If you enjoyed reading The Famine Tower – Episode One, the story doesn’t finish there… Our Spodden Valley Revealedartist in residence, David Chatton Barker, delves deeper in Episode Two, sharing with you the only known evidence of the building of the ‘Tower of Babel’. You’ll also find a poem and fascinating film by David that celebrates the story.
A reminder… at the end of Episode One, David told us that the
only known evidence he had discovered about the building of the
tower was from a booklet of newspaper cuttings collected by a Rochdale
amateur antiquarian named J. L. Maxim…
Aetiological monuments of hope for a future/past unknown… more from our Spodden Valley Revealed artist in residence David Chatton Barker…
…There is another much lesser-known endeavour carried out by 30 to 40 out-of-work mill operatives who carted stone to the top of Brown Wardle Hill (SD899187), which stands 1,312 ft above sea level on the South Pennine moors in Whitworth (on the other side of the valley from Rooley Moor). This massive quantity of stone was used to construct a monumental tower over several months, eventually reaching the grand height of 28ft and known by seemingly very few people as The Tower of Babel…
Faye Wetherall brings you the latest on the Pendle Radicals mission to tell the world about Ethel Carnie Holdsworth…
Last week we had yet another successful Ethel Carnie inspired tea party, thanks to great company and, of course, great cake! Ethel Carnie Holdsworth is just one of an extraordinary cast of characters that Pendle Radicals aims to explore. She was the first working class woman in Britain to publish a novel and, despite juggling being a wife and mother, she was a remarkable poet and social activist.
Posted onJanuary 16, 2019|Comments Off on Links in a Chain (via the Radical Echo)
Anne Cochrane, a member of the Pendle Radicals project volunteer Radical Research Team, shares some fascinating connections discovered during her work as a volunteer researcher and archivist…
I now have three volunteering hats, one is for Burnley Library and the Lancashire Archive, one is for the Pendle Radicals project, and the third is as unofficial keeper of the archive for Lowerhouse Cricket Club, (1862 – and counting). I can prove that all three projects are actually connected, albeit the cricket club link is a bit tenuous, so I can wear all three hats at once, I am thinking flat caps here rather than top hats.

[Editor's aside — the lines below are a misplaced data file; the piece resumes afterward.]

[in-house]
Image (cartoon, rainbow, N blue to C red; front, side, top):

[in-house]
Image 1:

Spodden Valley Revealed Project Manager, Diana Hamilton, brings us up to date with the latest landscape improvement works.
Following the works at Cowm Reservoir (read all about that here),
our SVR capital programme has been upgrading elements along the
greenway and some of the spurs that lead off into the landscape. The
works will help increase access and improve the spaces where the Spodden
Valley stories of the landscape will be revealed and told through a variety of creative methods, including: artist installations; audio; performances; printed and online guides.
Posted onDecember 21, 2018|Comments Off on Magic is all around us as long as we need it… (via SVR)
The latest blog from Spodden Valley Revealed artist in residence, David Chatton Barker, tells a magical tale from Brown Wardle Hill of the Queen in the Well. Featuring Whitworth Vale & Healey Band, the children’s choir at St Anselm’s School, Lancashire dialect poet Michael Higgins and musician Alison Cooper. The recording also involved many associated musicians of Folklore Tapes and features handmade instruments whose sound perfectly evokes a magical landscape. Read more and listen to the recording on the SVR blog.
Posted onDecember 10, 2018|Comments Off on A fruitful encounter… (via the Radical Echo)
Janet Swan tells of a fruitful encounter between the volunteer Radicals’ Research Team and a knowledgeableguest…
On the 20th November a group of us who have been researching the life of Ethel Carnie Holdsworth as part of the Pendle Radicals Project, met together to look more closely at her poetry and to meet with a very knowledgeable guest.